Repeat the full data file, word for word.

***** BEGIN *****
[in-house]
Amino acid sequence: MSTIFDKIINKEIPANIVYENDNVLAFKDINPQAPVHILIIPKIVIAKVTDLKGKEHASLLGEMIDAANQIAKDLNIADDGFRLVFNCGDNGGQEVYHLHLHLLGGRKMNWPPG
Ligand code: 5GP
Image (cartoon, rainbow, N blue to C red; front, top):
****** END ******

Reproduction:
[in-house]
Amino acid sequence: MSTIFDKIINKEIPANIVYENDNVLAFKDINPQAPVHILIIPKIVIAKVTDLKGKEHASLLGEMIDAANQIAKDLNIADDGFRLVFNCGDNGGQEVYHLHLHLLGGRKMNWPPG
Ligand code: 5GP
Image (cartoon, rainbow, N blue to C red; front, top):